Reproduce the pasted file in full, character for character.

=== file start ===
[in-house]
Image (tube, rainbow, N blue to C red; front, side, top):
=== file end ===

[in-house]
Image (tube, rainbow, N blue to C red; front, side, top):